• March Solar X-flare from IRIS and SDO
    2015.03.25
    This presents a zoom-in on a solar flare with simultaneous observations by SDO/AIA with the 304 Angstroms and the Slit-Jaw Imager (SJI) on IRIS.

First Light

  • IRIS First Light
    2013.07.25
    The images and video on this page are from the IRIS first light media teleconference on July 25, 2013.

    On July 17, 2013 at 11:14 pm PDT (2:14 pm EDT) the IRIS Lockheed Martin instrument team successfully opened the door on NASA’s Interface Region Imaging Spectrograph, which launched June 27, 2013, aboard a Pegasus XL rocket from Vandenberg Air Force Base, Calif.

    As the telescope door opened, IRIS’s single instrument began to observe the sun for the first time. Designed to research the interface region in more detail than has ever been done before, IRIS’s instrument is a combination of an ultraviolet telescope and a spectrograph. The telescope provides high-resolution images, capturing data on about 1 percent of the sun at a time. The images can resolve very fine features, as small as 150 miles across.

    While the telescope can look at only one wavelength of light at a time, the spectrograph collects information about many wavelengths of light at once. The instrument then splits the sun’s light into its various wavelengths and measures how much of any given wavelength is present. Analysis of the spectral lines can also provide velocity, temperature and density information, key information when trying to track how energy and heat moves through the region.

  • IRIS First Light: The View from SDO/AIA @ 160 nm
    2013.07.25
    Contemporaneous views of the Sun from SDO. Used in support of the IRIS First Light release.

Pre-Launch

  • IRIS Launch
    2013.07.19
    NASA's Interface Region Imaging Spectrograph (IRIS) solar observatory separated from its Pegasus rocket and is in the proper orbit. This followed a successful launch by the Orbital Sciences Pegasus XL rocket from Vandenberg Air Force Base, Calif. It was the final Pegasus launch currently manifested by NASA. NASA's Launch Services Program at the agency's Kennedy Space Center in Florida managed the countdown and launch.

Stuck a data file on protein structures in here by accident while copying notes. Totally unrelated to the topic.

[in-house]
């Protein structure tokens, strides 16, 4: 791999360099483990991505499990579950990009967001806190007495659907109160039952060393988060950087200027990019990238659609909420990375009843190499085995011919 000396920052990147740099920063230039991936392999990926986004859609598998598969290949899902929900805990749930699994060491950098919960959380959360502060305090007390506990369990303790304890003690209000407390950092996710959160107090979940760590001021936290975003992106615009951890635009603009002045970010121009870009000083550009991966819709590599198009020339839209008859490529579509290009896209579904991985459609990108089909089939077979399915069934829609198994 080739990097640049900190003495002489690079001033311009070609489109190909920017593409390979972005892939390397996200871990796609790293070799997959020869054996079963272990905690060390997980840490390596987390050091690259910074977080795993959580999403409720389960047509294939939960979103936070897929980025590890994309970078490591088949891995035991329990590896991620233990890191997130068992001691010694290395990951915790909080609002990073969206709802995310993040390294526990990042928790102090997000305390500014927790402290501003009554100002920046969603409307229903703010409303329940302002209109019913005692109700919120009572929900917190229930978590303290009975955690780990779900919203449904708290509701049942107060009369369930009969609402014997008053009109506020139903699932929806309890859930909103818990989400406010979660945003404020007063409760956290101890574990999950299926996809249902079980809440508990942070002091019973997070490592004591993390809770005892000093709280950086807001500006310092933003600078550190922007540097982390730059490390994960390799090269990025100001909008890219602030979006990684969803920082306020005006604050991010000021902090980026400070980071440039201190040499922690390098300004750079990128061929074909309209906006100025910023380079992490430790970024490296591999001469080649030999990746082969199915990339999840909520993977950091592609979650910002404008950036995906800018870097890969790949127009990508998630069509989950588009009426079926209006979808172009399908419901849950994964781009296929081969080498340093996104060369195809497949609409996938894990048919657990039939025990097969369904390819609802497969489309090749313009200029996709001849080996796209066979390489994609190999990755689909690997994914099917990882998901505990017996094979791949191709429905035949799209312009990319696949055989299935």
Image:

IRIS is a NASA Small Explorer Mission to observe how solar material moves, gathers energy and heats up as it travels through a little-understood region in the sun's lower atmosphere. This interface region between the sun's photosphere and corona powers its dynamic million-degree atmosphere and drives the solar wind.NASA's Interface Region Imaging Spectrograph (IRIS) spacecraft launched Wednesday at 7:27 p.m. PDT (10:27 p.m. EDT) from Vandenberg Air Force Base, Calif. The mission to study the solar atmosphere was placed in orbit by an Orbital Sciences Corporation Pegasus XL rocket.

  • IRIS: Studying the Energy Flow that Powers the Solar Atmosphere
    2013.06.19
    In late June 2013, the Interface Region Imaging Spectrograph, or IRIS, will launch from Vandenberg Air Force Base, Calif. IRIS will tease out the rules governing the lowest layers of the solar atmosphere — historically some of the hardest to untangle. Known as the solar interface region, this is one of the most complex areas in the sun's atmosphere: all the energy that drives solar activity travels through it. The interface region lies between the sun’s 6,000-degree, white-hot, visible surface, the photosphere, and the much hotter multi-million-degree upper corona. Interactions between the violently moving plasma and the sun’s magnetic field in this area may well be the source of the energy that heats the corona to its million-degree temperatures, some hundreds and occasionally thousands of times hotter than the sun's surface. The chromosphere is also considered a candidate as the origin for giant explosions on the sun such as solar flares and coronal mass ejections. IRIS will use high-resolution images, data and advanced computer models to unravel how solar gases move, gather energy and heat up through the lower solar atmosphere. Outfitted with state-of-the-art tools, IRIS will be able to tease apart what's happening in the solar interface region better than ever before.